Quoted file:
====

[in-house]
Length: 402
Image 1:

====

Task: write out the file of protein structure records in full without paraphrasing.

[in-house]
Length: 402
Image 1: